An Infantryman from Hero Street,” a new documentary by Emmy Award-winning filmmakers Kelly and Tammy Rundle of Fourth Wall Films, will screen on the 81st anniversary of the Pearl Harbor attack.

The film will be shown Wednesday, Dec. 7th (Pearl Harbor Remembrance Day) at 12 noon at the Moline Public Library, 3210 41st Street, Moline. A Q&A with the Rundles and film participants will follow the film.

“An Infantryman from Hero Street,” the fourth episode in the “Hero Street” documentary series, tells the true story of Pvt. Joseph Sandoval, who was born in a boxcar to Mexican immigrants in the Silvis rail yard. In 1944 Joe, married with two young sons, was drafted and shipped to Britain with the 41st Armored Infantry Regiment.

His unit helped fight the second stage of the Normandy Invasion in France. In April 1945, the Allied forces reached an agreement regarding post-war Germany, and Joe and his fellow soldiers were told the war was essentially over. Joe was killed just days later during a German counter-attack near the Elbe River in Schönebeck, Germany.

In the two weeks that followed, U.S. and Russian troops shook hands across the Elbe, and Adolf Hitler committed suicide.

Only a block and a half long, Second Street in Silvis lost six young men in World War II and two in the Korean War, more than any other street in America. Hero Street, as it is now known, has provided over 150 service members since Mexican-American immigrants settled there in 1929.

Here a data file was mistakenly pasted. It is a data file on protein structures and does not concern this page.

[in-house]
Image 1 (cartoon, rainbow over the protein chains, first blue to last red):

Find out more about the film series at

“Hero Street,” a multi-part documentary series by Moline-based Fourth Wall Films, explores the compelling true story of eight Mexican-American heroes from Hero Street: Tony Pompa, Frank Sandoval, William Sandoval, Claro Solis, Peter Masias, Joseph Sandoval, Joseph Gomez and John S. Muños.

“An Infantryman from Hero Street” — which premiered over Veterans Day weekend at the Putnam Giant Screen Theater — stars Emmanuel Juarez as Joseph Sandoval, Eric Juarez reprising his role as Joe’s brother Frank Sandoval, and actor Matt Walsh as Lt. Frank Houcek.

The film features commentary by First Army Support Command Historian Captain Kevin Braafladt, Rock Island Arsenal; Dr. Yurida Ramirez, University of Illinois-Urbana; author Marc Wilson (“Hero Street, USA”); author Carlos Harrison (“The Ghosts of Hero Street”); and members of the Sandoval family.

The “Hero Street” theme music was scored by Emmy-nominated composer William Campbell of Davenport. WQPT-PBS provided its broadcast studio for filming portions of the documentary. WQPT’s Lora Adams assisted with production, and Chris Ryder created special visual and sound effects.

WQPT previously partnered with Fourth Wall Films in 2015 to co-produce the Mid-America Emmy nominated “Letters Home to Hero Street.”

For more information, visit the Hero Street films website.